642 F. Supp. 1136, 1137 (N.D. Ill. 1986). Yet the parties' failure to address a jurisdictional problem - a performance the government repeated on appeal despite its obligation to assist the court in ascertaining its jurisdiction, see Azeez v. Fairman, 795 F.2d 1296, 1297 (7th Cir. 1986) - hardly allows a court to decide the merits.
Both the statute and the Constitution interpose obstacles. The statute because § 1105a(a)(9) limits the district court's power to an alien "held in custody pursuant to an order of deportation". By the time Terrado filed this case, she was no longer "held in custody pursuant to an order of deportation". The Constitution because there must be a "case or controversy" within the meaning of Article III. This case was never alive. A moot case must be dismissed. If a district judge nonetheless enters a judgment, the appellate court must vacate it. E.g., Department of the Treasury v. Galioto, 477 U.S. 556, 106 S. Ct. 2683, 91 L. Ed. 2d 459 (1986); United States v. Munsingwear, Inc., 340 U.S. 36, 95 L. Ed. 36, 71 S. Ct. 104 (1950); United States v. 203 Paper Bags, 818 F.2d 569 (7th Cir. 1987).
Terrado has tried to breathe life into the case by asking to be returned to the United States. That request cannot supply the missing subject matter jurisdiction, which the district court never acquired. More, it is unavailing on any terms. Return to the United States could be available, if at all, only if the deportation were invalid. The Ninth Circuit has held that a court may order an alien returned to the United States when a deportation is not "legally executed", see Estrada-Rosales v. INS, 645 F.2d 819 (1981), a subject on which we express no opinion. The Ninth Circuit has treated this principle as applicable to claims that the order of deportation was not valid (because, as in Estrada-Rosales, based on an invalid criminal conviction) or executed without giving counsel for the alien a chance to contest it. Our case, however, does not entail a challenge to the order of deportation. It is final. Counsel does not say that he lacked notice of the order or the warrant issued to execute it. Terrado argues only that she should not have been deported before receiving a statement of reasons. But a request for a stay does not act as a stay, so that deportation may proceed while the district director is considering the request. Reasons now have been furnished, and it would be ridiculous to fetch Terrado back to the United States only to deport her again the same day.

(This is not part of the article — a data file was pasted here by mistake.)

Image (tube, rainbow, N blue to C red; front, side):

Terrado could not contest the order of deportation in the district court even had she been in the country when she filed the case. The court of appeals is the exclusive forum for that challenge. See Bothyo, 772 F.2d at 355-56 & n.1, which discusses the allocation of jurisdiction between the district courts and the courts of appeals in deportation cases. The district court accordingly did not have the authority to order Terrado returned to the United States, no matter what the court made of Terrado's arguments under 8 C.F.R. § 243.4 - which, being neither a statute nor a part of the Constitution, is a dubious ground for a writ of habeas corpus even if it creates an entitlement to reasons in advance of deportation. Cf. Kramer v. Jenkins, 806 F.2d 140, 142 (7th Cir. 1986).
The judgment of the district court is vacated, and the case is remanded with instructions to dismiss the petition for want of jurisdiction.